The command of the Prussian Army had been reformed in the wake of the defeats suffered by Prussia in the Napoleonic Wars. Rather than rely primarily on the martial skills of the individual members of the German nobility, who dominated the military profession, the Prussian Army instituted changes to ensure excellence in leadership, organisation, and planning. The General Staff system, which sought to institutionalise military excellence, was the main result. It sought to identify military talent at the lower levels and develop it thoroughly through academic training and practical experience on division, corps, and higher staffs, up to the Great General Staff, the senior planning body of the army. It provided planning and organisational work during peacetime and wartime. The Prussian General Staff, proven in battle in the Wars of Unification, became the German General Staff upon the formation of the German Empire, given Prussia's leading role in the German Army.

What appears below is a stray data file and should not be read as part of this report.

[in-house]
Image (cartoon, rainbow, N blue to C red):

Military role in foreign policy decisions

German infantry charging across open ground on the battlefield, 1914

In the German Empire, diplomatic relations were the responsibility of the Chancellor and his Foreign Minister. The German Army reported separately to the emperor, and increasingly played a major role in shaping foreign policy when military alliances or warfare was at issue.[12] In diplomatic terms, Germany used the Prussian system of military attachés attached to diplomatic locations, with highly talented young officers assigned to evaluate the strengths, weaknesses, and military capabilities of their assigned nations. They used close observation, conversations, and paid agents to produce very high-quality reports that gave a significant advantage to the military planners.[13] The military staff grew increasingly powerful, reducing the role of the Minister of War, and increasingly asserted itself in foreign policy decisions.